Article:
I am not overstating the case when I say have a passion for fly-fishing. It has literally has dominated my life to the extent that I’ve made major career decisions based in large part on the opportunities I would have to put a fly in the water. Prior to choosing a career is the fact that when you are young you have to play the hand that’s been dealt primarily by your family circumstances. In terms of fishing I was pretty lucky in that respect. I grew up in close proximity to Long Island Sound and had uncles who loved to be out on the water.
When I was a freshman in high school my father fulfilled his lifelong dream of moving to Southern California where I traded my beloved Long Island Sound for the blue Pacific, particularly that portion that lapped the South Bay shoreline close to where we lived in Manhattan Beach. I spent most of my free time on the local piers and beaches catching halibut, mackerel, bonito, sand sharks, perch and even some “log” barracuda. The little money I had was used to go fishing on the local party boats. Catalina and San Clemente Islands were considered exotic locales.
In the summer of 1970 I headed east to begin my academic career.This is where I began to fly fish in earnest with bluefish and stripers as the primary targets. Though not as plentiful, I also managed to connect with two species that tend to be overlooked by northeast fly fishers, weakfish and fluke. After three cold, grey, winters I accepted a faculty position back in Southern California. Living only five minutes from King Harbor for almost two decades, I put in over 300 days a year fishing bonito in the harbor. With literally hundreds of miles of unrestricted, readily accessible beach front, the Southern California surf offered new and virtually unexplored opportunities for fly-fishing. As they are today, barred surfperch were the most abundant species. Yellowfin croaker, spotfin croaker, and halibut also spice up the action but the supreme challenge is the corbina. This is the one saltwater species on the west coast that can provide sight-fishing opportunities similar to what you can experience along the Gulf and Florida coastlines. In terms of enticing them to take a fly, they can prove far more difficult than any redfish, bonefish, or even permit.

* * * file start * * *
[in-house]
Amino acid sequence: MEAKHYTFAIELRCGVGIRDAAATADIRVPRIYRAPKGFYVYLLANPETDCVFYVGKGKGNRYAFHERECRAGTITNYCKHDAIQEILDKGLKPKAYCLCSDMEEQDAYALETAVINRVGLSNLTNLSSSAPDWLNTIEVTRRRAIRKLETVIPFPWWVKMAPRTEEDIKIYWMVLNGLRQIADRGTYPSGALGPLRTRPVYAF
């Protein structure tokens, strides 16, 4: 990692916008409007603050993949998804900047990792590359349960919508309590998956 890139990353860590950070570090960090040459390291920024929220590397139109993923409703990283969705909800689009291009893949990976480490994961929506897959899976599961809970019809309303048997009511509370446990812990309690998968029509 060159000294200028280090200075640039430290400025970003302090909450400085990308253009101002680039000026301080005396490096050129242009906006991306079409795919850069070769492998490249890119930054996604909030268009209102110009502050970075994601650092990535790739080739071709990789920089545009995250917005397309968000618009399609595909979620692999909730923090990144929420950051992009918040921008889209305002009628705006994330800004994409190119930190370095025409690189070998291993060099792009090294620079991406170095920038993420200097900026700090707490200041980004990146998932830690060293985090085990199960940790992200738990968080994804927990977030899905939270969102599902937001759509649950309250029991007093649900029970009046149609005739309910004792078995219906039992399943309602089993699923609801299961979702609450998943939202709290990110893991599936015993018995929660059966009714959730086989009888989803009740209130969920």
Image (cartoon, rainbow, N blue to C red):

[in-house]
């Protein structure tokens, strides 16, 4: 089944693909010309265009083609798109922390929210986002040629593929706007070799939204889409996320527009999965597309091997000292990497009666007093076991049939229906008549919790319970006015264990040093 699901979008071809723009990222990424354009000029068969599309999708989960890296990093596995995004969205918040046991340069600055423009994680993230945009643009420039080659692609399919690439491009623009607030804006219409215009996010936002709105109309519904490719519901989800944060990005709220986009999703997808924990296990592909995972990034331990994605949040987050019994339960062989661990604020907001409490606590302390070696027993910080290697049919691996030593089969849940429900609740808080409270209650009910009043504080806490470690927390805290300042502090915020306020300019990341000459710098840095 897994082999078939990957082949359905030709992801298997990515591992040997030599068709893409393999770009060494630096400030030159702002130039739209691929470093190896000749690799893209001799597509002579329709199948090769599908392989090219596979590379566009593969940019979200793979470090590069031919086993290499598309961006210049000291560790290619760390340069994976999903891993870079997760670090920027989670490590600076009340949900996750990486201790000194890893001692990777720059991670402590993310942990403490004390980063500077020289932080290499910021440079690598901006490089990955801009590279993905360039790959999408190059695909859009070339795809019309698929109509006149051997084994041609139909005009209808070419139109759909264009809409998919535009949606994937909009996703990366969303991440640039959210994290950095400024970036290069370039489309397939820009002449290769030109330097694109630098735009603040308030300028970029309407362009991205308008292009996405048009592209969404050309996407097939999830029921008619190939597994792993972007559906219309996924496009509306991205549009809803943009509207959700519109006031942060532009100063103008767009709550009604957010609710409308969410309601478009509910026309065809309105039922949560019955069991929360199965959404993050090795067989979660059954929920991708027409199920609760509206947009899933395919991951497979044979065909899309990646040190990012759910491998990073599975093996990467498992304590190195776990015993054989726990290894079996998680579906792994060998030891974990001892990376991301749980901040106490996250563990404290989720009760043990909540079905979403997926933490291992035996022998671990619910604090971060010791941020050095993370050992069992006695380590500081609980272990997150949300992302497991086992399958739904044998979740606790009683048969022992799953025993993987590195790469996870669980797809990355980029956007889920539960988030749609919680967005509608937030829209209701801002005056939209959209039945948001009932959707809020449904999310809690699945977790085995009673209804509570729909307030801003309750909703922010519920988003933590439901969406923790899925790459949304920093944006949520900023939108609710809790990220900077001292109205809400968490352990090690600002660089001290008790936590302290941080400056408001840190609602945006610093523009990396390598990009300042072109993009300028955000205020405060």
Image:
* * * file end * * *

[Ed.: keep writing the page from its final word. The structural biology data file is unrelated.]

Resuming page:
On the offshore grounds blue sharks were the most easily accessible species but I quickly found that my standard chumming strategy frequently attracted the highly prized mako shark. Drifting kelp paddies on the offshore grounds can also offer some world class action on Dorado, yellowtail and even yellowfin tuna. Inshore, the kelp beds can put you in touch with barracuda, bonito, calico bass, yellowtail and white seabass.
So what measure of fishing wisdom do we derive from this seemingly schizophrenic sequence of bi-coastal transitions? The backdrop for this kind of discussion rests on the well established fact that fishing preferences are highly subjective. Locale determines species, seasons, and accessibility. Obviously where one chooses to live is a major determinant of the type of fishing that presents itself. Any attempt to offer a judgment on the merits of a Northeast vs. a Southern California saltwater fly fishery is fruitless. Both coasts offer a great game fish lineup. The downside for the Northeast is the winter. The other negative is the fact that in many areas the public is restricted from access to the shore. The upside is a fishery, particularly where stripers and blues are concerned, that at times can only be described as fantastic. The major pluses for Southern California are the weather and vast stretches of readily accessible coastline. The simple solution of course is try at one time or another, to fish both areas.
The mainland US is blessed with a great fishery on both coasts and most of the population is within fairly easy driving distance to a coastline. So regardless of where you are, get out there and wet a line.